Rhaenyra had come to terms with the idea of settling into her role of future queen – securing a marriage to shore up her line for succession, and could not be tempted by the financially-suspect dreams of the dreamy Ser Criston.
Or had she really come to terms with her queenly role? Was there someone else that could tempt her away on dragonback?
The Prince and the Immodest Proposal
At the dancing at Rhaenyra and Laenor’s betrothal festivities, party-crasher and recent spouse-murderer Daemon Targaryen cut in on Rhaenyra’s dance partner Ser Harwin Strong to engage in some light avuncular banter in High Valyrian.
Daemon: Is this what you want?
Rhaenyra: I was not aware that what I wanted mattered to you.
Daemon: This is not for you. Laenor is a good man and a fine knight. He will bore you senseless.
Rhaenyra: Marriage is only a political arrangement, I hear.
Daemon: Mine was recently dissolved.
Rhaenyra: Oh, take me then. Has this not been your purpose? I am not yet married, but the hours pass swiftly. You are surely armed. Cut through my father’s Kingsguard. Take me to Dragonstone and make me your wife.
Before Daemon could act on Rhaenyra’s suggestion, Criston Cole and Laenor’s very close friend Joffrey Lonmouth got into a fight on the dance floor. After that hurley burley was done, King Viserys apparently ordered the wedding moved up by a week and Rhaenyra and Laenor were married immediately, within sight of Joffrey’s congealing blood.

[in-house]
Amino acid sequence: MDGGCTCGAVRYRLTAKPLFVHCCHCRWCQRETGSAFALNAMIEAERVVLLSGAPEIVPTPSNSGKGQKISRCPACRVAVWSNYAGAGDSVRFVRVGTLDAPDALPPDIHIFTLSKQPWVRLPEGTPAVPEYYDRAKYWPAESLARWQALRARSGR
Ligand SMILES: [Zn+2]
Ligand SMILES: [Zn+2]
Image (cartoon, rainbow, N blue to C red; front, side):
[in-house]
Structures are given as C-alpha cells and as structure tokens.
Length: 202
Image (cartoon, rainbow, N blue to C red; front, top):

It’s interesting that the scene between Rhaenyra and her uncle Daemon was like a dark mirror of the scene between Rhaenyra and Criston. But in the latter case it’s Rhaenyra proposing the escape from her arranged marriage. Was she just toying with Daemon, or was it that she still wanted to escape from her role as queen? An escape not on an adventure with a penniless knight, but with a roguish prince?
Daemon might not be bringing along any cakes (I wouldn’t rule it out though), but he would be bringing along the other element from Rhaenyra’s discussion in the godswood with Alicent, a dragon.
This should feel like a familiar situation to A Song of Ice and Fire readers, and something that Game of Thrones watchers might have seen one side of previously.
Exiled Knights and Lost Loves
In the years following Robert’s Rebellion (almost 200 years after Viserys Targaryen was named successor over the claim of his cousin Rhaenys’ line) Balon Greyjoy of the Iron Islands declared himself king and tried to secede from the Seven Kingdoms. This effort failed.
At the siege of Greyjoy’s castle Pyke, a northern lord from Bear Island distinguished himself in battle by being one of the first to enter the breach of Pyke’s walls. (The honor of first into the breach goes to the legendary Thoros of Myr, of course.)
This fighter was Jorah Mormont, and for his bravery was made a knight. In the victory celebrations that followed in Lannisport, the newly-knighted Ser Jorah won the champion’s laurel at a celebratory tourney and received Lord Hightower’s blessing to marry his daughter, the lovely Lynesse Hightower.
Jorah was short on details when telling his tragic backstory to Daenerys Targaryen, other than remarking that the two weeks it took to sail from Lannisport to Bear Island were blissful.